Thursday Till Sunday, herald the arrival of one to watch. This is a young filmmaker with an uncannily precise sense of observation and an undeniably keen eye for composition (along with her cinematographer, Barbara Álvarez, who does a simply beautiful job).
That sensible car is soon toting a family of four on a long road trip that looks to be their last, as the parents are facing a separation. Somehow turning the claustrophobic setting of a mid-sized car into one beautifully framed shot after another, Sotomayor elegantly delineates the great divide that separates the driver’s seat of adulthood from the dependents forced to follow along—literally and figuratively taking a backseat to their parents’ personal agendas.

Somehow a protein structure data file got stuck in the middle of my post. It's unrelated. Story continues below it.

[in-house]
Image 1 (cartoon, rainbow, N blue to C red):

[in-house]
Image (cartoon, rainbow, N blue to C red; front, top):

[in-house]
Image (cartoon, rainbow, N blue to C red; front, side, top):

While each dusty mile rolls by along the tall spine of Chile, tensions ebb and flow, bumping up against boredom, wistfulness and sometimes joy. The children, a young girl and her kid brother, do the typical car-bound things: playing games, bickering, lolling and staring out at the landscape blurring by. Up front, the parents negotiate bruised feelings and test their tolerances moment to moment.
The young daughter, Lucía, played sublimely by first-time actress Santi Ahumada, is old enough to sense a ripple of discord between her mom and dad, but instinctively hesitates to absorb it. How is this hesitation revealed? With glances, pauses, silences and subtleties that speak volumes.
While stops along the road provide some expository elaborations, there is always an intoxicating artlessness afoot in the way the film looks, feels and sounds. In knowing exactly what to leave out, Sotomayor’s evocative minimalism feels like a curative. I can’t wait to see what she does next.